Friday, February 29, 2008

29.02.08: Butternut Bisque

I took a walk down East Street market and at its far end I found a stall selling two big butternut squashes for a pound, so I bought four and figured I'd refine and quantify the Carroty Gingernut recipe what I rocked on 04.02.08.

Having onion and celery for the mirepoix, I spent another pound on carrots and ginger. I also had the end of a jar of biber salçası in the 'fridge, so all I needed from Oli's when I went there to buy bread was a slab of creamed coconut and also a bunch of fresh coriander for the garnish.

1. First, make a mirepoix by chopping onions, celery and carrots - about a pound, or half a kilo of each - and sweat these chopped vegetables with a few peeled cloves of garlic in a splash of oil in the bottom of a soup pot, keeping its lid on to preserve moisture.

2. Add the ginger. If added to the base of the soup and allowed to cook down with the mirepoix, the flavour of fresh ginger will mellow and be pervasive without being over powering. It's hard to overdo it and, if you do, you can always calm down the gingery-ness with coconut. Anyway, in this instance, I used probably four fat thumbs or maybe 12cc of fresh ginger, peeled and minced and mixed into the cooking mirepoix.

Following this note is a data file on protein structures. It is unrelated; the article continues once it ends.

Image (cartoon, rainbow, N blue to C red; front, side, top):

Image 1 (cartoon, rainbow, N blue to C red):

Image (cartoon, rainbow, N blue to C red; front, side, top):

3. Peel the butternut squashes. If using a speed peeler, make sure all the skin is removed, down to the orange flesh. Cut the squashes in half and remove their seeds, then chop them into roughly 2cm cubes.

4. Before adding the diced squash to the soup pot, first add 200-250g of biber salçası (red pepper paste), if you have it. If not, use tomato puree.

5. Now add the diced squashes to the soup pot and cover with four litres of Marigold bouillon (one litre per squash). Bring to the boil and simmer for twenty minutes, until the flesh is soft enough to be blended.

6. Turn off the heat and leave the pot to stand for five or ten minutes. This is particularly important in this recipe, because you want the texture of the soup to be as silky as possible and, therefore, all its contents must be thoroughly cooked before blending.

7. While the soup is cooling, before it's blended, dissolve 100g of creamed coconut in a litre of boiling water and make up another litre of Marigold bouillon. As you blend the soup, slowly pour in this extra liquid to achieve a smooth consistency.

8. Check the seasoning. If the ginger flavour is too pronounced, you can calm it down by grating more creamed coconut directly into the soup. Serve garnished with chopped coriander.

This soup went down really well, BTW, with many second and third bowls served;-)

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